Since living in the county, I’ve discovered an abundance of beautiful and varied Cheshire walks. These walks have taken me through quaint villages steeped in history, along ridges boasting panoramic views as far as the eye can see, across lush, rolling pastures, into eerie ravines and amongst dense forests.
I’ve well and truly fallen head over heels for this county. I’d like to share my most memorable moments with you, so here are favourite Cheshire walks:
Three Shire Heads
Three Shire Heads is an 18th century packhorse bridge on the River Dane in which Cheshire, Derbyshire and Staffordshire meet.
Starting from Clough House Car Park, you can take a number of walking routes to reach this picturesque spot. We opted to climb up and over Danebower Hollows behind Cumberland Brook and Farm.
We then ascended down into the secluded valley and followed the River Dane to until we reached the old bridge.
The walk continues on along the river, before cutting across rolling sheep pastures. It then ducks into woodland and circulates back down the road to the car park.
Wincle is a delightful little Cheshire village nestled on the edge of the Peak District, bordering Staffordshire. There are numerous walks in and around this area, including links to the Gritstone Trail, Cheshire’s famous 56km long distance footpath.
We followed the River Dane and made our way up onto Wincle Minn. It looks out over the Cheshire Plain, with the hill, ‘The Cloud’ and Bosley Reservoir in the foreground. There are also views as far as the Welsh hills and even Liverpool on a good day.
Be sure to visit The Ship Inn or Wincle Brewery as a treat after your walk – you’ll have earned it!
Parking in the car park off Gradbach Mill Lane, Lud’s Church is technically in Staffordshire. However, the area borders Cheshire and you can easily incorporate the above two walks from here.
Once again, the River Dane is present along this walk. It takes you through woodland, across fields and on to Danebridge, Wincle’s neighbour.
Don’t miss the historical Hanging Stone. The rocky outcropping has wonderful views over the surrounding countryside.
Lud’s Church is not in fact, a church, but a chasm. This Millstone Grit geological formation is blanketed with damp moss and has an eerie feel to it as you explore its depths. It was said to be a secret place of worship during the early 15th century. Keep your eyes peeled for the coin log!
Delamere Forest is the perfect place for a relaxed amble. It is popular amongst families, dog walkers, cyclists and horse riders, so probably not your cup of tea if you are after solitude.
As well as numerous routes for gentle strolls through the forest, there is a short, steep walk called Old Pale. It provides views over 7 counties, as well as Manchester and Liverpool’s skylines.
‘The Edge’ at Alderley Edge
Part of the ‘Golden Triangle’, Alderley Edge is one of the most expensive places to live in the UK, outside of London. There are a number of woodland walks around Alderley Edge, making it a great place to come for a refreshing country ramble, followed by some posh nosh in the village (or be a cheapskate and take a packed lunch, like me).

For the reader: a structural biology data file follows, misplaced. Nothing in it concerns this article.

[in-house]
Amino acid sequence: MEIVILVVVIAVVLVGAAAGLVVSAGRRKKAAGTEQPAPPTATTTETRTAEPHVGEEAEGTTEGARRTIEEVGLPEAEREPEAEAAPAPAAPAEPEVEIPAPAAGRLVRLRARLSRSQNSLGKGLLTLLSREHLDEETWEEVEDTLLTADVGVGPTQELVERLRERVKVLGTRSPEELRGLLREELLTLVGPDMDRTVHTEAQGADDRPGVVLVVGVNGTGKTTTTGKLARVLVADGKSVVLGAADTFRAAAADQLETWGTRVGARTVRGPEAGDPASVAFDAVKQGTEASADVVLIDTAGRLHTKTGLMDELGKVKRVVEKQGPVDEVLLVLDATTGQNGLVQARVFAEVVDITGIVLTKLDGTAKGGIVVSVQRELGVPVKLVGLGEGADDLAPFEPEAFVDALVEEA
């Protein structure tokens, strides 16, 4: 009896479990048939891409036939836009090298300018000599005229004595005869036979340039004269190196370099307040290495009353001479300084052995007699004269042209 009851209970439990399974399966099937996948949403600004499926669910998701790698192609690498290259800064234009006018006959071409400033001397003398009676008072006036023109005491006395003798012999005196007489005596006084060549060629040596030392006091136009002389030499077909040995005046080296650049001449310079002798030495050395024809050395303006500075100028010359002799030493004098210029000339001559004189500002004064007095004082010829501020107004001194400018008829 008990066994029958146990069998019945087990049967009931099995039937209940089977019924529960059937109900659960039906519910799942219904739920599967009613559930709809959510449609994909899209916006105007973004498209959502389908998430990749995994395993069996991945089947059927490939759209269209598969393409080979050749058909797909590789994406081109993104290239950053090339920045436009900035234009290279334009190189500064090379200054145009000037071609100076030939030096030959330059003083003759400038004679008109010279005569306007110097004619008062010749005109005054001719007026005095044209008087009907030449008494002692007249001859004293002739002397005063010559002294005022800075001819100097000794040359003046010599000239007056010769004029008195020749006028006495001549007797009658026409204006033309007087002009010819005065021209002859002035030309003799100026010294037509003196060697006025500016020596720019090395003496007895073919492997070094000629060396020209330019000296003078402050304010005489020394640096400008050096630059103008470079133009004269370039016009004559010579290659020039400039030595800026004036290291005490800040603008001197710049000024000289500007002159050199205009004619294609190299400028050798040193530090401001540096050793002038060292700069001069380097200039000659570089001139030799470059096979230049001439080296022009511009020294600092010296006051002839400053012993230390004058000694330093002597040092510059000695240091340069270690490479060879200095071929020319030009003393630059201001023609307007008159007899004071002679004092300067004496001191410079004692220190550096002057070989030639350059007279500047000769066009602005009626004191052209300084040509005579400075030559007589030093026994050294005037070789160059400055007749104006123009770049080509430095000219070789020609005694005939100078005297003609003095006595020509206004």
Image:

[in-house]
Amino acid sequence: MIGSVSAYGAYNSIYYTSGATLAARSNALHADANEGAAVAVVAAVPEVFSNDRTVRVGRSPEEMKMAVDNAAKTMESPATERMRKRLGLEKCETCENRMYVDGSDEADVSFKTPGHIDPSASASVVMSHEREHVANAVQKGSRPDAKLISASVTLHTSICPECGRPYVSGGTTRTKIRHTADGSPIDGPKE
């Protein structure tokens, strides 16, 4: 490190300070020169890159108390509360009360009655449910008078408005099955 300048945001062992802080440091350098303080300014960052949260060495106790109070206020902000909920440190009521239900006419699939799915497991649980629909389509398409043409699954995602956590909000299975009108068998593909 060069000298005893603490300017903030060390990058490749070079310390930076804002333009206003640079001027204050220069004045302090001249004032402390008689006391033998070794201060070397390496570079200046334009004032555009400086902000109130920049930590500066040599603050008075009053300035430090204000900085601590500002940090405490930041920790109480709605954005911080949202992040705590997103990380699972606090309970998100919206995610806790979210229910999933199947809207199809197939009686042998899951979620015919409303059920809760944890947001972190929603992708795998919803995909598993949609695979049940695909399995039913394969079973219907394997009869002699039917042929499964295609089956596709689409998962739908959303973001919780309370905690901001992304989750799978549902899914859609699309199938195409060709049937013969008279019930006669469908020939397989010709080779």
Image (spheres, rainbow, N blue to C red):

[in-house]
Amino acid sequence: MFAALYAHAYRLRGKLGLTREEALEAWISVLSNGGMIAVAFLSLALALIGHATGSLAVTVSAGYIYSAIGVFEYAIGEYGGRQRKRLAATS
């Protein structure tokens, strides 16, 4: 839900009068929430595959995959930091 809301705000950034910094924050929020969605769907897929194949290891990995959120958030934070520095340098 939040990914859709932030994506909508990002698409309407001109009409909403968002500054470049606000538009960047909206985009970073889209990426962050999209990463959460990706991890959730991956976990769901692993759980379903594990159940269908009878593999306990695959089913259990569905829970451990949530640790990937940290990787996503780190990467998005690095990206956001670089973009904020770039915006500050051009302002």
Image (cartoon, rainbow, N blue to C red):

The Edge itself is a dramatic escarpment, which overlooks the beautiful Cheshire countryside, with the city of Manchester gleaming in the distance against the far hills of the Peak District.
The Cloud at Bosley
The Cloud is a prominent hill with magnificent views over the Cheshire Plain. Parking at Timbersbrook picnic site, the walk up to the top is steep but relatively short (just a few miles).
Whilst in the area, it is worth exploring Bosley. The reservoir especially, which was created to feed the Macclesfield canal system, has an attractive walk around its edge.
Wincle Minn is also within walking distance from Bosley, if you want an alternative to parking in Wincle.
The Bickerton Hills are maintained by the National Trust and have a number of walking routes, including links to Cheshire’s 55km Sandstone Trail.
Here, you’ll find red sandstone, lowland heaths, charming woodlands and views across the Dee Valley to the Welsh hills.
Beeston Castle and Woodland Park is cared for by English Heritage and has a 4000 year history. The remains sit atop a rocky sandstone crag overlooking the Cheshire Plain. Enjoy views of the Pennines and Welsh mountains visible on a clear day.
The walk up to the top is short but steep. You will need to pay for parking and an entry fee at the visitor centre.
Finally, one of my favourite Cheshire walks. Sometimes referred to as the ‘Matterhorn of Cheshire’, and not dissimilar to a shark fin in shape, Shutlingsloe is the third highest peak in its county. It sits just south of Macclesfield Forest on the edge of the Peak District.
You can access the hill from Trentabank car park (SK11 0NE). The walk up is incredibly steep in places, but the 360 degree views at the top are some of the best in Cheshire. On a clear day you can see the glinting skyscrapers of Manchester!
For more Cheshire walks, check out Chester, Cheshire and Beyond.
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